• Married Woman Keeps Maiden Name – Here things get a bit complicated. Joan becomes Joan Lilly Hyde Swanson. You can use the single letter of her husband’s name for a monogram, you can use her first, maiden, and last initials – JHS in the same size letters or her first, married, and maiden names’ initials (with a larger center initial if you want) – JSH.
  • Married Man Single Letter: You can offer William a gift with the simple monogram S.
  • Married Man Two Letters: There are no changes here, so you can make a simple two-letters monogram – WS – if William was not called also Edward.
  • Married Man Three Letters: You can monogram WES or WES as you think looks better.
  • Married Couple, One Last Name: You also have some options here: use both of them first names’ initials: JW (or J+W for a more casual flair) or both their last names’ initials: HS. Usually, for married couples, the etiquette says you should put her first initial first, followed by their last initial (larger) in the center, followed by his first initial.
  • Married Couple, Two Hyphenated Last Names: To please everybody and make sure the monogram does not become some endless strings of letters, the etiquette in this case says you should monogram both their last married hyphenated names. For Mr. and Mrs. Hyde-Swanson, the monogram should be H-S.

Monogram Etiquette: Challenges

monograms on paper

If you followed the rules up until now, you may consider that there is nothing truly complicated with monogramming gifts. But monogramming comes with its fair share of challenges. We will discuss the three most common ones:

Complicated Last Names

Of course, you know people named O’Hara, von Miller, du Lac, McDougal and so on and so forth. The easiest way to handle things is to use the first two letters of the last name. Make sure you know exactly what capitalized letters to use: OH, vM, dL, MD.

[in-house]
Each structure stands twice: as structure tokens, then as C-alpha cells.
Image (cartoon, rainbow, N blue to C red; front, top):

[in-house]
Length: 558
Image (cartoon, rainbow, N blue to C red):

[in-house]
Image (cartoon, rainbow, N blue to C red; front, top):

However, if you speak about Anne von Hassel and Leopold von Hassel, you can think about the following possible monograms:

  • Last Name Letters: VH (or vH, or V | H, depending on how they capitalize the name);
  • Wife’s First-Husband’s Last (without article)-Husband’s First: AHC or AHC.

If we talk about Anne O’Neill and Patrick O’Neill (it goes for Lily and Tom McDonald or Ashley and John MacPherson), you can monogram a gift for them using the following rules:

  • One Letter/Group of Letters: O, McD, or MacP.
  • Three Letters: Wife's first, husband's last (no preposition), husband's first – AOP or AOP

Two Middle Names

The more names a person has, the bulkier the monogram becomes. It is not custom to monogram four letters in a name. If two people with two middle names decide to marry and even hyphenate both their last names, the monogram would become a senseless string of letters. In this case, the etiquette says you should pick one single middle name for each person and follow the rules above, for both individuals and married couples.

Monogram Etiquette: Fitting

pair of white monogrammed slippers

The rule of thumb in using monograms is to take into consideration the size and shape of the item. Even if you monogram a house robe, a bridal handkerchief, a bedding set, or matching hand towels, the monogram should be visible, yet discrete. Sometimes you can use all initials if the space allows, but it is better to stick to the simple beauty that is a monogram and use no more than three letters. For couples’ gifts, the three initials with the last married name larger in the middle is the most preferred choice.

Monogram Etiquette in the Internet Era

LOML written on white background

Before we depart, we have to mention that many modern monograms include more than just peoples’ name initials. If you want the monogram to convey a message, you can get your inspiration from social media texting. LOML (Love Of My Life) works great for custom made and monogrammed jewelry, while GNSD (Good Night Sweet Dreams) is popular for monogrammed bed sets.

If you have more questions on monogram etiquette or you want to know more about monogramming bathrobes and luxury towels, feel free to contact us any time!